OT-I CD8 T cells were sorted as indicated in the text. Cells were pelleted, and total RNA was extracted using the Arcturus PicoPure RNA Isolation Kit (Life Technologies). Each sample was divided into three technical replicates and sequenced to a depth of approximately 40 million paired-end 50 base-pair reads using the Illumina HiSeq 2000 sequencer (Illumina). Fastq files generated from RNA sequencing were mapped to the mm10 mouse genome using TopHat 2.0 (20). Differential expression was calculated using Cuffdiff 2.1.1 (21).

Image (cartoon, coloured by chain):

Expression data for 28 mouse samples from the Immunological Genome Project Consortium (http://www.immgen.org/; ref. 22) were downloaded from the Gene Expression Omnibus (GEO; GEO accession no. series GSE15907: specific files GSM605891-6, GSM605898-605911, and GSM920634-920641) for comparison with the gene expression data based in this study. These files were normalized according to the methods described in ref. (23). Expression data described in this study were compared with gene expression data described in the gene list and data provided in Supplementary Table S1 from Best and colleagues (ref. 23; 44 mouse samples). In the microarray data described above, multiple probes for a gene were averaged. Datasets from each gene expression technique (RNAseq and microarray) were separately normalized using the average value of each gene. All datasets were uploaded and analyzed using Genedata Analyst v7.6. Hierarchical clustering was performed with Cluster v3.0 (24) using the Euclidean distance metric and average linkage. Treeview v1.1.3 (25) was used to create heatmaps. To explore functional networks, selected gene expression lists with both fold change of >2 and direction of change were submitted to Ingenuity Pathway Transcriptional Regulators Analysis (www.ingenuity.com). The GEO accession number for this study is GSE54877.